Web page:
Indexed on: 16 Aug '14Published on: 16 Aug '14Published in: Molecular syndromology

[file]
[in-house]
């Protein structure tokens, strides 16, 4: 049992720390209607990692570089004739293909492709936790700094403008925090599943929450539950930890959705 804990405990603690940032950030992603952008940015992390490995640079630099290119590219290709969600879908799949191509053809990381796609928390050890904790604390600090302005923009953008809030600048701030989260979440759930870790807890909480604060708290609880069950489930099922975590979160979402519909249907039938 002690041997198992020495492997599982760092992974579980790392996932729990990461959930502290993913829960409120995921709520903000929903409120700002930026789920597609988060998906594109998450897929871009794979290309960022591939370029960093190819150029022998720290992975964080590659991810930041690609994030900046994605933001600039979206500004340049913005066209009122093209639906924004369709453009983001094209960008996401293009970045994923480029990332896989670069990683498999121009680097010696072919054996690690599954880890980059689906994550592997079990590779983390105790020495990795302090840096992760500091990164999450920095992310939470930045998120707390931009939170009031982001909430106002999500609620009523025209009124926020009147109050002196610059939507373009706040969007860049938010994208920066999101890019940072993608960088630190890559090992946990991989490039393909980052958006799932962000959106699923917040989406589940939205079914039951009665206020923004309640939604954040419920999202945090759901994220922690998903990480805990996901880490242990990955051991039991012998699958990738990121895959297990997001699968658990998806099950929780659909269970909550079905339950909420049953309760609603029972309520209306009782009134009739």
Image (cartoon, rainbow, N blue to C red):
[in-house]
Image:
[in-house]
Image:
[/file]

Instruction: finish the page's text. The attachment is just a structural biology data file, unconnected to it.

Coenzyme Q10 (CoQ10) is an essential component of eukaryotic cells and is involved in crucial biochemical reactions such as the production of ATP in the mitochondrial respiratory chain, the biosynthesis of pyrimidines, and the modulation of apoptosis. CoQ10 requires at least 13 genes for its biosynthesis. Mutations in these genes cause primary CoQ10 deficiency, a clinically and genetically heterogeneous disorder. To date mutations in 8 genes (PDSS1, PDSS2, COQ2, COQ4, COQ6, ADCK3, ADCK4, and COQ9) have been associated with CoQ10 deficiency presenting with a wide variety of clinical manifestations. Onset can be at virtually any age, although pediatric forms are more common. Symptoms include those typical of respiratory chain disorders (encephalomyopathy, ataxia, lactic acidosis, deafness, retinitis pigmentosa, hypertrophic cardiomyopathy), but some (such as steroid-resistant nephrotic syndrome) are peculiar to this condition. The molecular bases of the clinical diversity of this condition are still unknown. It is of critical importance that physicians promptly recognize these disorders because most patients respond to oral administration of CoQ10.